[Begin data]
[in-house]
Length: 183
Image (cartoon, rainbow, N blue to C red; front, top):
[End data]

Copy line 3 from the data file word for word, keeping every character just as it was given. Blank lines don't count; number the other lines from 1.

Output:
Image (cartoon, rainbow, N blue to C red; front, top):